My right leg sank knee-deep in the black sulfurous mud before I completely toppled into the stuff. As soon as my friends got a whiff, they backed away from me to escape the stench and put some distance between themselves and my mud coated clothing. I can still pick up a whiff, a week later at home.
We’d just gotten back to a marked trail after bushwhacking Wolf Cub Mountain, north of Mount Moosilauke. Wolf Cub is a moderate bushwhack made harder because you need to hike for 3.5 miles on a steep, undulating section of the Appalachian Trail before you can start the off-trail portion of the hike.
We’d started our hike at the Kinsman Notch parking lot on Rt 112, climbing the Kinsman Ridge Trail (which is the Appalachian Trail) to the Gordon Pond Trailhead and down to the pond. It’s a pretty place but there’s some talk that the Gordon Pond Trail is going to be decommissioned because it’s in rough shape and difficult to follow. Gordon Pond is a good place to stop to get water if you’re hiking the AT and the section between Moosilauke and the Eliza Brook shelter is dry, which is often the case.
I was joined by Ken, Lisa, Katy, Heather, and another Philip on this bushwhack, a full house by bushwhacking standards. I have no idea why, but they keep coming back for more. Although, it is exhilarating to hike off-trail using your navigational wits and find canisters or mason-jars full of old journal entries left by previous visitors to the same mountain summit. I suppose it’s no different from geocaching in a way, except that we only use maps and compasses to navigate and not a GPS.
Earlier in the day, I’d tried to find the summit of Blue Mountain (North Peak), a small mountain 50 yards off the AT. I’d thought I knew where Blue Mountain was on the hike in, but we couldn’t find any evidence of a canister at the proper elevation and gave up looking as we started to drop down toward Gordon Pond.
Wolf Cub was a much more obvious target although finding its canister also proved to be difficult. The summit is at the end of a long ridge, with a sharp drop-off to the east. It’s one of those annoying mountains where the summit covers a relatively large flat area. This can make it difficult to find the canister, which is supposed to be at the highest point (except when the tree it’s bolted to has fallen over).
We started the Wolf Cub climb on the east side of the pond and whacked through dense pencil woods and blow downs before we gained elevation. We drifted a bit too far east and got hung up in some boggy wet bits as we headed north. More pencil woods and denser vegetation up until the final 200 feet of elevation. From there we hit lots of dense blow downs. At one point Ken remarked that they looked like fur waves. We finally clawed our way to the summit plateau but couldn’t see a high point anywhere that was higher than where we stood.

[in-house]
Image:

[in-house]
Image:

I would have been happy to crawl all over the summit to look for the canister, but everyone else was feeling pretty tired and beat up by then so we declared the summit “climbed”. I’ve since verified this using the inReach Explorer tracking device I used to record our route.
Still, I was disappointed about not finding the canister. Deflated really. I know it’s just a game, but I’ve got canister fever.
The hike back to Gordon Pond was far easier by comparison. We took a much better route back (although close to the exact back bearing) and came across a couple of herd paths where we made up a lot of time. Lisa led for much of this section. We speculate that she found the old section of the Appalachian Trail that ran past Gordon Pond before it was re-routed over Mount Wolf. If that’s the case, it looks like someone is brushing it periodically to keep it open.
We got back onto the AT and headed back to Kinsman Notch. I’d given up any hope of finding the North Peak of Blue Mountain at this point, but Ken encouraged me to go check out another stand of trees besides the same high point we’d passed earlier.
That’s when I found the mason jar, which is what they used to mark trail-less summits with before PVC canisters were introduced. I was elated. Ken and I signed the register (the rest of our group had hiked a bit ahead and waited for us) and caught back up with our group. We still had a long hike back to our cars, but I felt re-energized.
I definitely have canister fever, but it feels good to be working a peakbagging list hard again.
Recommended Guidebooks and Maps:
- Appalachian Mountain Club White Mountain Guide
- AMC White Mountain National Forest Map Set
- Exploring New Hampshire Map from the Wilderness Map Company
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